• School chaplains have an educative role in the areas of beliefs, values, morals, ethics and religion.
• School chaplains work as part of the school support team to facilitate connection into the school network and wider community of students who are suffering from bereavement, family breakdown or other crisis and loss situations.
• The services provided by a chaplain should be appropriate to the school and student context in which he or she will operate. Within this context, chaplains will be expected to respect the range of religious views and affiliations, and cultural traditions in the school and the community, and be approachable by students of all faiths. It is not the purpose of chaplaincy services to bring about or encourage commitment to any set of beliefs.
It is important to note that school chaplains cannot provide services for which they are not qualified, for example, counselling services or psychological assessment, or medical assessment.
The key tasks of a chaplain may include facilitating access to the helping agencies in the community, both religious-based and secular, with the approval of the School Principal.
The activities undertaken by school chaplains may include, but are not limited to:
• Providing guidance to students on issues concerning human relationships;
• Assisting school counsellors and staff in the provision of student welfare services;
• Providing support in cases of bereavement, family breakdown or other crisis and loss situations; and
• Being readily available to provide continuity and on-going support for individual students and staff where this is necessary.
• Supporting students who wish to explore their spirituality;
• Providing guidance on religious, values and ethical matters; and
• Facilitating access to the helping agencies in the community, both church-based and secular, with the approval of the School Principal.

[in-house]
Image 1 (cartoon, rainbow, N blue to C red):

BACKGROUND TO THE NATIONAL SCHOOL CHAPLAINCY & STUDENT WELFARE PROGRAM
Announced by the Howard Federal Government in October 2006, the National School Chaplaincy Program (NSCP) provided up to $165 million over three years to all Australian school communities to assist in the provision of chaplaincy services. Individual school communities were eligible to apply for up to $20,000 per annum to establish school chaplaincy services or expand existing chaplaincy services.
The Rudd Government in 2009 extended the program to the end of 2011 with a $42.8m injection. In 2010, the Gillard Government announced an extension to the program to the end of 2014, and in September 2011 the National School Chaplaincy & Student Welfare Program (NSCSWP) was announced.
The NSCSWP will help support up to 1,000 new chaplains or secular welfare workers across Australia. The new program will also establish a minimum standard of training for all chaplains and welfare workers, a revised complaints-handling process and new benchmarks for all chaplaincy and welfare worker providers.
For more information on the National School Chaplaincy & Student Welfare Program, contact the Department of Education, Employment and Workplace Relations on 1300 363 079 or visit http://www.deewr.gov.au/Schooling/NationalSchoolChaplaincyProgram/Pages/NSCStudentWelfareOverview.aspx